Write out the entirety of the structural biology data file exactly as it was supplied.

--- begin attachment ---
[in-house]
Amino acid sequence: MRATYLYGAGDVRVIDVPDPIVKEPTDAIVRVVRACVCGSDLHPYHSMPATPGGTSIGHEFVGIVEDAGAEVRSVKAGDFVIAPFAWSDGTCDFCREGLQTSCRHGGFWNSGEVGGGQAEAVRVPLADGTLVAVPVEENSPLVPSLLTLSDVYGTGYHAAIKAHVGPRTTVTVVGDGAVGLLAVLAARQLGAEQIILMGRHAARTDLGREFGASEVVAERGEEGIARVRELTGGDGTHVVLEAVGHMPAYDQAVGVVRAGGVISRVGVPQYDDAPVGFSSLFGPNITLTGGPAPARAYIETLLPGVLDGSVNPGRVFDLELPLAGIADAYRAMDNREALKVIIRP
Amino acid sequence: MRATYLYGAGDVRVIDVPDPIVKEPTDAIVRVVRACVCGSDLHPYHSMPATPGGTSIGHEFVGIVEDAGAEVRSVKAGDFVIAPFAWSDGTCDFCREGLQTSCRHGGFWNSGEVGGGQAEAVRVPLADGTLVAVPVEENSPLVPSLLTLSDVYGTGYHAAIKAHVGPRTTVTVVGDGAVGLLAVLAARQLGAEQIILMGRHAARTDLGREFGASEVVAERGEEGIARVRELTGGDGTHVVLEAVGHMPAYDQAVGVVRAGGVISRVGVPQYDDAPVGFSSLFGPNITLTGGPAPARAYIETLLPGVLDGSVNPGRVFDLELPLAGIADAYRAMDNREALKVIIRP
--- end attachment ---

[in-house]
Amino acid sequence: MRATYLYGAGDVRVIDVPDPIVKEPTDAIVRVVRACVCGSDLHPYHSMPATPGGTSIGHEFVGIVEDAGAEVRSVKAGDFVIAPFAWSDGTCDFCREGLQTSCRHGGFWNSGEVGGGQAEAVRVPLADGTLVAVPVEENSPLVPSLLTLSDVYGTGYHAAIKAHVGPRTTVTVVGDGAVGLLAVLAARQLGAEQIILMGRHAARTDLGREFGASEVVAERGEEGIARVRELTGGDGTHVVLEAVGHMPAYDQAVGVVRAGGVISRVGVPQYDDAPVGFSSLFGPNITLTGGPAPARAYIETLLPGVLDGSVNPGRVFDLELPLAGIADAYRAMDNREALKVIIRP
Amino acid sequence: MRATYLYGAGDVRVIDVPDPIVKEPTDAIVRVVRACVCGSDLHPYHSMPATPGGTSIGHEFVGIVEDAGAEVRSVKAGDFVIAPFAWSDGTCDFCREGLQTSCRHGGFWNSGEVGGGQAEAVRVPLADGTLVAVPVEENSPLVPSLLTLSDVYGTGYHAAIKAHVGPRTTVTVVGDGAVGLLAVLAARQLGAEQIILMGRHAARTDLGREFGASEVVAERGEEGIARVRELTGGDGTHVVLEAVGHMPAYDQAVGVVRAGGVISRVGVPQYDDAPVGFSSLFGPNITLTGGPAPARAYIETLLPGVLDGSVNPGRVFDLELPLAGIADAYRAMDNREALKVIIRP